The role of an administrator in an administrator form of government is also detailed, saying "the county administrator shall exercise no authority over any elected officials of the county whose offices were created by the Constitution of by the general law of the State."
Senn then cautions the county not to make a move regarding 911.
"I would hope that the administrator and council would not rush to action on this matter, especially when the physical equipment necessary to operate E-911 is located securely at the sheriff's office and will not be handed over without a judge's order. This is because efficient management systems can literally mean the difference between life and death.
Roddey said the pending move would take 911 employees out from under the sheriff's supervision, but said there was nothing illegal or wrong about the move. He cited a recent court decision in a similar case in Clarendon County. In that case, a judge ruled in favor of the county, saying the sheriff did not control or have authority over 911. Roddey also said neither he nor Winters have actually received the letter from Senn, saying that Senn had only called Winters to discuss some of its contents.
On Tuesday morning, Senn e-mailed The News & Reporter to refute Roddey's assertion.
"In the Clarendon case, the sheriff agreed to give E-911 control to the county on a trial basis but with a contract saying that he could take the system back if it was not operating smoothly.  Per the complaint in that case, the sheriff filed suit because terrible mistakes were being made which threatened the lives of citizens in Clarendon.  We were ready to argue the case when a new administrator came on board.  The sheriff agreed that with a new county administrator in place, he would work with that person to see if E-911 services ran more smoothly.  The sheriff then monitored E-911 for safety and improvements.  If there had been none, we would have fought to take E-911 back per the contract we had with the county.  After a year of monitoring, the sheriff of Clarendon ceded control because the new manager and new personnel did a good job," Senn said.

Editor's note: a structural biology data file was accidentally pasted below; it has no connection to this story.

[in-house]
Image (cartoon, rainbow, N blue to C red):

Senn said she believes the people of Chester County elected Underwood to run the sheriff's office, which includes 911.
"They did not elect Mr. Roddey to that position," she said.
Senn said that the issue will be in court soon, noting "we have a hearing before Judge Ernest Kinard on December 3rd, 2013."